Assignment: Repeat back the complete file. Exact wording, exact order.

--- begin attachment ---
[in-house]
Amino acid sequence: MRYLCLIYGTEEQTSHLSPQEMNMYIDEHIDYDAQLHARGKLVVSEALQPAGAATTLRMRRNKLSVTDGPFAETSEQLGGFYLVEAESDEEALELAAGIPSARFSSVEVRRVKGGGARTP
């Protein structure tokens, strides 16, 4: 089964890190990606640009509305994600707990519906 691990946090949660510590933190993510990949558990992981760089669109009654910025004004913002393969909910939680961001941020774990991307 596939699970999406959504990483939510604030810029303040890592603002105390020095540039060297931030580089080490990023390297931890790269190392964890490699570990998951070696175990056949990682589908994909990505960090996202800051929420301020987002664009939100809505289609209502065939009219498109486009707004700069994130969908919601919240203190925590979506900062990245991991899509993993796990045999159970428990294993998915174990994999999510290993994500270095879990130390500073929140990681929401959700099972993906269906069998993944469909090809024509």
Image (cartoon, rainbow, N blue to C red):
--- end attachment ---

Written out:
[in-house]
Amino acid sequence: MRYLCLIYGTEEQTSHLSPQEMNMYIDEHIDYDAQLHARGKLVVSEALQPAGAATTLRMRRNKLSVTDGPFAETSEQLGGFYLVEAESDEEALELAAGIPSARFSSVEVRRVKGGGARTP
């Protein structure tokens, strides 16, 4: 089964890190990606640009509305994600707990519906 691990946090949660510590933190993510990949558990992981760089669109009654910025004004913002393969909910939680961001941020774990991307 596939699970999406959504990483939510604030810029303040890592603002105390020095540039060297931030580089080490990023390297931890790269190392964890490699570990998951070696175990056949990682589908994909990505960090996202800051929420301020987002664009939100809505289609209502065939009219498109486009707004700069994130969908919601919240203190925590979506900062990245991991899509993993796990045999159970428990294993998915174990994999999510290993994500270095879990130390500073929140990681929401959700099972993906269906069998993944469909090809024509």
Image (cartoon, rainbow, N blue to C red):